2-5 am | 6-10 pm
0-2 foot
0-3 foot
3-5 foot


The current swell has started to shift to the north at buoy 51101 over the last couple of hours, but remains out of the north-northwest at buoy 51001. Wave heights will be mostly in the waist- to head-high range, potentially higher from time to time at the better exposed breaks. As the swell shifts to the north and then north-northeast, we could see surf rise to near advisory levels on some east facing shores late Saturday or overnight into Sunday. With the northerly switch just starting to show at one of the buoys, there is no advisory posted at this time, but the NWS will monitor the swell to see if one will be warranted.

A large low pressure system far to the west of the state produced a west-northwest swell, which is forecast to start arriving Saturday night, peaking Sunday night, and then gradually subsiding through Tuesday. The grids reflect swell a few feet above the Wave Watch III guidance, which also would suggest a High Surf Advisory would be likely for exposed north and west facing shower of some of the smaller islands with this swell. Due to the expected westerly component, island shadowing will be a factor into which islands will be impacted. West facing shores of the Big Island will likely see advisory level surf, but if the swell comes in as expected, surf could reach warning levels Sunday night into Monday night.

A second, reinforcing west-northwest swell is forecast to arrive Tuesday night and peak Wednesday, almost certainly peaking well below advisory levels.

A series of small long period south swells will continue to produce small surf along the south facing shores. An increase in trade winds over the next few days will also produce choppy surf along east facing shores. Trade winds are forecast to increase into the weekend, and winds have been bumped up a bit in the typically windier locations. The west-northwest swell combined with the wind waves from the increasing trades could produce near seas in excess of 10 feet Sunday and Monday.

Hawaii Wave Height Model

Hawaii Swell Period Model
Hawaii Swell Height Model


Tide Predictions

High tide at Kahului was 1.3 foot at 4:27 AM early this morning, dropping to a low of 0.2 foot at 11:22 AM shortly before noon, then rising to a high of 1.5 foot at 7:02 PM early this evening.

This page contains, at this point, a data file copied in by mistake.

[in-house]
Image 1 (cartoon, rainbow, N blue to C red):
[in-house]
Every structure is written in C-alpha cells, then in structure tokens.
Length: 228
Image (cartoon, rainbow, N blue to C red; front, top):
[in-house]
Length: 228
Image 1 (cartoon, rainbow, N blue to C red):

The sunrise was at 06:29 am this morning and will set at 06:37 pm this evening. The Moon is currently 20 days old, and is in a Last Quarter phase. The next Waning Crescent will occur at 2:59 AM on Tuesday, March 28th.

Hawaii Wind Report

Maui Weather

67°/°
Wind: N at 6 mph
Sunrise: 5:55 AM
Sunset: 6:50 PM
current observations as of 3pm April 29th, 2017

Weather Outlook for Saturday

Clouds and showers associated with a weakening front will push southward across the Big Island today. North and northeast facing slopes will see most of the shower activity, but no heavy rainfall is expected. A fairly dry trade wind weather pattern is then expected tonight through late next week, with clouds and showers limited primarily to windward and mauka areas.

Satellite loop shows a ragged band of broken to overcast low clouds extending northeast to southwest across east Maui and the Big Island. This cloud band, marking a weak cold front, continues drifting southeastward slowly and is expected to pass east of the state tonight. Radar shows very little associated precipitation. Stable low cloud cover has increased north of the front, affecting north and east facing shores and slopes of Kauai.

The upper trough supporting the front has already passed east of the state, allowing mid and upper level ridging to move in from the west. Models show ridging aloft will become firmly established over the weekend. Latest soundings show a stable airmass, with positive lifted index values and PW from 1.6 inches at Hilo, beneath of band of low clouds, to just over an inch at Lihue, north of the cloud band. We expect rainfall amounts will remain light as the front passes over the Big island.

Models show high pressure will build north of the islands over the next few days. This will kick start a return to a trade wind weather pattern which will likely last through the next week. Frontal clouds will linger across east Maui and the Big Island today, then a clearing and drying trend is expected. Clouds and showers will begin to favor windward and mauka areas of these islands as the trade wind pattern sets in. This process has already begun for islands farther to the west.

Central Valley (Kahului, Spreckelsville):

Partly cloudy. Breezy. Lows 62 to 67. Northeast winds 10 to 20 mph.

Leeward West (Lahaina, Ka`anapali):

Mostly clear. Breezy. Isolated showers after midnight. Lows 63 to 69. Northeast winds 15 to 20 mph. Chance of rain 20 percent.

Windward West (Wailuku, Waiehu):

Partly cloudy. Breezy. Isolated showers in the evening, then scattered showers after midnight. Lows 55 to 67. Northeast winds 10 to 20 mph. Chance of rain 30 percent.

Windard Haleakala (Hana, Haiku, Makawao):

Partly cloudy with isolated showers in the evening, then mostly cloudy with scattered showers after midnight. Lows around 66 at the shore to around 49 at 5000 feet. East winds 10 to 15 mph with gusts to 30 mph. Chance of rain 30 percent.

Leeward Haleakala (Kihei, Wailea, Makena):

Mostly clear. Lows around 65 at the shore to around 52 upcountry. East winds 10 to 15 mph. Gusts up to 30 mph early in the evening.

Haleakala Summit

Mostly clear. Breezy. Lows around 49. Northeast winds 15 to 20 mph.

Photo of the Day

Surf Photo of the Day - March 18th, 2017